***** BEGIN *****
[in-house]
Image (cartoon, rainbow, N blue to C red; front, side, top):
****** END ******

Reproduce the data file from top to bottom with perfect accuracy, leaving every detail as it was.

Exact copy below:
[in-house]
Image (cartoon, rainbow, N blue to C red; front, side, top):